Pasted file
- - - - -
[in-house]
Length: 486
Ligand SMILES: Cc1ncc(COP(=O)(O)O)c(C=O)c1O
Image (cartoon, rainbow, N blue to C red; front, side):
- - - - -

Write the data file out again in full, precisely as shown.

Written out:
[in-house]
Length: 486
Ligand SMILES: Cc1ncc(COP(=O)(O)O)c(C=O)c1O
Image (cartoon, rainbow, N blue to C red; front, side):